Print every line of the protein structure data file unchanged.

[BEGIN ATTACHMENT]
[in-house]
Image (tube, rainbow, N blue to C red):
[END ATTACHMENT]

[in-house]
Image (tube, rainbow, N blue to C red):